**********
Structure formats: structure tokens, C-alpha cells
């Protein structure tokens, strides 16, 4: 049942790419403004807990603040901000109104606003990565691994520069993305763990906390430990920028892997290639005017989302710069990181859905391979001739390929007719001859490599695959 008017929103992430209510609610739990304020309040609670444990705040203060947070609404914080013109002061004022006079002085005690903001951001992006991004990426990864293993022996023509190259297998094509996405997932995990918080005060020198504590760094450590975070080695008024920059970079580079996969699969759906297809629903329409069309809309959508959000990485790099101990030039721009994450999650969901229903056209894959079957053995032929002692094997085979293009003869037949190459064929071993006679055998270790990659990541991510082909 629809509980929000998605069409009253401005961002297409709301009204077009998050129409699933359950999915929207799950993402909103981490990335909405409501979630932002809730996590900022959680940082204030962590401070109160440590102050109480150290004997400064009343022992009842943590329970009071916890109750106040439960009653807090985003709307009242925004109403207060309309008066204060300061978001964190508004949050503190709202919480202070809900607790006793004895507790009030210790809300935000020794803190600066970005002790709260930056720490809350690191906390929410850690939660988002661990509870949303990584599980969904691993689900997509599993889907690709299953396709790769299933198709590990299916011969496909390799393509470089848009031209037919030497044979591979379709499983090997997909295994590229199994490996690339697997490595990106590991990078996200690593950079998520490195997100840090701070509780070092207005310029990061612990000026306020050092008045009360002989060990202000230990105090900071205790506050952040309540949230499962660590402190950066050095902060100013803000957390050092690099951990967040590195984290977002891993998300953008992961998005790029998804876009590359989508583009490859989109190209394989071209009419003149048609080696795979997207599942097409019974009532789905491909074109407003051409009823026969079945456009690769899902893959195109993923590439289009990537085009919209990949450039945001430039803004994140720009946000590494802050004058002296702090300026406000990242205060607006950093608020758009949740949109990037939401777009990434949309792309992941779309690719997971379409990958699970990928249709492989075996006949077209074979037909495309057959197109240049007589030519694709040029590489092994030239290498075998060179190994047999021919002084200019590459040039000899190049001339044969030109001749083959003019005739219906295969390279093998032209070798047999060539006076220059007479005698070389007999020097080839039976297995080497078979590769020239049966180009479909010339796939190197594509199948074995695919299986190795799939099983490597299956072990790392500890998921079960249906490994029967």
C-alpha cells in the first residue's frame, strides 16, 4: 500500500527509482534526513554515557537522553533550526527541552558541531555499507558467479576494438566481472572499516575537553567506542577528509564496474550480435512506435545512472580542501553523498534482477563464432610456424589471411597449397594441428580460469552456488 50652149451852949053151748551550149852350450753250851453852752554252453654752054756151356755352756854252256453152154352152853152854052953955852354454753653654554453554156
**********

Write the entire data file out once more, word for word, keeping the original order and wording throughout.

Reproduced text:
Structure formats: structure tokens, C-alpha cells
């Protein structure tokens, strides 16, 4: 049942790419403004807990603040901000109104606003990565691994520069993305763990906390430990920028892997290639005017989302710069990181859905391979001739390929007719001859490599695959 008017929103992430209510609610739990304020309040609670444990705040203060947070609404914080013109002061004022006079002085005690903001951001992006991004990426990864293993022996023509190259297998094509996405997932995990918080005060020198504590760094450590975070080695008024920059970079580079996969699969759906297809629903329409069309809309959508959000990485790099101990030039721009994450999650969901229903056209894959079957053995032929002692094997085979293009003869037949190459064929071993006679055998270790990659990541991510082909 629809509980929000998605069409009253401005961002297409709301009204077009998050129409699933359950999915929207799950993402909103981490990335909405409501979630932002809730996590900022959680940082204030962590401070109160440590102050109480150290004997400064009343022992009842943590329970009071916890109750106040439960009653807090985003709307009242925004109403207060309309008066204060300061978001964190508004949050503190709202919480202070809900607790006793004895507790009030210790809300935000020794803190600066970005002790709260930056720490809350690191906390929410850690939660988002661990509870949303990584599980969904691993689900997509599993889907690709299953396709790769299933198709590990299916011969496909390799393509470089848009031209037919030497044979591979379709499983090997997909295994590229199994490996690339697997490595990106590991990078996200690593950079998520490195997100840090701070509780070092207005310029990061612990000026306020050092008045009360002989060990202000230990105090900071205790506050952040309540949230499962660590402190950066050095902060100013803000957390050092690099951990967040590195984290977002891993998300953008992961998005790029998804876009590359989508583009490859989109190209394989071209009419003149048609080696795979997207599942097409019974009532789905491909074109407003051409009823026969079945456009690769899902893959195109993923590439289009990537085009919209990949450039945001430039803004994140720009946000590494802050004058002296702090300026406000990242205060607006950093608020758009949740949109990037939401777009990434949309792309992941779309690719997971379409990958699970990928249709492989075996006949077209074979037909495309057959197109240049007589030519694709040029590489092994030239290498075998060179190994047999021919002084200019590459040039000899190049001339044969030109001749083959003019005739219906295969390279093998032209070798047999060539006076220059007479005698070389007999020097080839039976297995080497078979590769020239049966180009479909010339796939190197594509199948074995695919299986190795799939099983490597299956072990790392500890998921079960249906490994029967």
C-alpha cells in the first residue's frame, strides 16, 4: 500500500527509482534526513554515557537522553533550526527541552558541531555499507558467479576494438566481472572499516575537553567506542577528509564496474550480435512506435545512472580542501553523498534482477563464432610456424589471411597449397594441428580460469552456488 50652149451852949053151748551550149852350450753250851453852752554252453654752054756151356755352756854252256453152154352152853152854052953955852354454753653654554453554156